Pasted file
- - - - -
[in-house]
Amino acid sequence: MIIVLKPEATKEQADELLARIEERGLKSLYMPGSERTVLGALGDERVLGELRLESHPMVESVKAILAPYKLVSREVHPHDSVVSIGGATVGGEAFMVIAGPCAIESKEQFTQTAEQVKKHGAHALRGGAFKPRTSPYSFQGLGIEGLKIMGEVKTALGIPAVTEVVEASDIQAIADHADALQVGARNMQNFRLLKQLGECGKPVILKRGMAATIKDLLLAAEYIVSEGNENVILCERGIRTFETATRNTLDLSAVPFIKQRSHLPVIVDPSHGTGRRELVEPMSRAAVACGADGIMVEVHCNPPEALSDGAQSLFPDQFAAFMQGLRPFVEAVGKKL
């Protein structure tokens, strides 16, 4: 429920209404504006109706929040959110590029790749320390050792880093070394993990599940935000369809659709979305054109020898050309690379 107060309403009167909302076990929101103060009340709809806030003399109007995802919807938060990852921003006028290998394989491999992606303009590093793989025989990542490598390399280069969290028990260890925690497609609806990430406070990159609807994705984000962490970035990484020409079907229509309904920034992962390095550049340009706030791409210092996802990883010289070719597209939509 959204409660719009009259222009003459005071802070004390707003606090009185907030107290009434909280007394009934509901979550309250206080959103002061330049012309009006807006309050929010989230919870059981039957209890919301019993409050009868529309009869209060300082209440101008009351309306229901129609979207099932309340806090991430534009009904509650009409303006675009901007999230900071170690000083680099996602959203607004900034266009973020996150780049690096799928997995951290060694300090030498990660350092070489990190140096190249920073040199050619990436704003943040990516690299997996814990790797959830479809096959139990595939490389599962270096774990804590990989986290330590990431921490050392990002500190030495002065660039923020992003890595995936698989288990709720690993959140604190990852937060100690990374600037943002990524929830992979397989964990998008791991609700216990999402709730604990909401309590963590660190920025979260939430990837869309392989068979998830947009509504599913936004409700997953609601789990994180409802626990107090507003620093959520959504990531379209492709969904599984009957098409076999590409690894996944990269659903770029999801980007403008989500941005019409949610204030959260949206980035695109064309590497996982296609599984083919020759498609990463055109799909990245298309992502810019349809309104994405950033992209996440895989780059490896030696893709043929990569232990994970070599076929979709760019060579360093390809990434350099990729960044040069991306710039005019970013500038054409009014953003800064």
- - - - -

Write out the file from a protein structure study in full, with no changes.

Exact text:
[in-house]
Amino acid sequence: MIIVLKPEATKEQADELLARIEERGLKSLYMPGSERTVLGALGDERVLGELRLESHPMVESVKAILAPYKLVSREVHPHDSVVSIGGATVGGEAFMVIAGPCAIESKEQFTQTAEQVKKHGAHALRGGAFKPRTSPYSFQGLGIEGLKIMGEVKTALGIPAVTEVVEASDIQAIADHADALQVGARNMQNFRLLKQLGECGKPVILKRGMAATIKDLLLAAEYIVSEGNENVILCERGIRTFETATRNTLDLSAVPFIKQRSHLPVIVDPSHGTGRRELVEPMSRAAVACGADGIMVEVHCNPPEALSDGAQSLFPDQFAAFMQGLRPFVEAVGKKL
């Protein structure tokens, strides 16, 4: 429920209404504006109706929040959110590029790749320390050792880093070394993990599940935000369809659709979305054109020898050309690379 107060309403009167909302076990929101103060009340709809806030003399109007995802919807938060990852921003006028290998394989491999992606303009590093793989025989990542490598390399280069969290028990260890925690497609609806990430406070990159609807994705984000962490970035990484020409079907229509309904920034992962390095550049340009706030791409210092996802990883010289070719597209939509 959204409660719009009259222009003459005071802070004390707003606090009185907030107290009434909280007394009934509901979550309250206080959103002061330049012309009006807006309050929010989230919870059981039957209890919301019993409050009868529309009869209060300082209440101008009351309306229901129609979207099932309340806090991430534009009904509650009409303006675009901007999230900071170690000083680099996602959203607004900034266009973020996150780049690096799928997995951290060694300090030498990660350092070489990190140096190249920073040199050619990436704003943040990516690299997996814990790797959830479809096959139990595939490389599962270096774990804590990989986290330590990431921490050392990002500190030495002065660039923020992003890595995936698989288990709720690993959140604190990852937060100690990374600037943002990524929830992979397989964990998008791991609700216990999402709730604990909401309590963590660190920025979260939430990837869309392989068979998830947009509504599913936004409700997953609601789990994180409802626990107090507003620093959520959504990531379209492709969904599984009957098409076999590409690894996944990269659903770029999801980007403008989500941005019409949610204030959260949206980035695109064309590497996982296609599984083919020759498609990463055109799909990245298309992502810019349809309104994405950033992209996440895989780059490896030696893709043929990569232990994970070599076929979709760019060579360093390809990434350099990729960044040069991306710039005019970013500038054409009014953003800064």